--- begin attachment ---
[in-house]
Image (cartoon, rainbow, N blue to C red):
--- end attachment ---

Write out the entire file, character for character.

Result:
[in-house]
Image (cartoon, rainbow, N blue to C red):